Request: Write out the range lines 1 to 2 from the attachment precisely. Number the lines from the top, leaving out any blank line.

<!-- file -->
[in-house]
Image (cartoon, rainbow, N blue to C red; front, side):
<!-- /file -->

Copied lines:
[in-house]
Image (cartoon, rainbow, N blue to C red; front, side):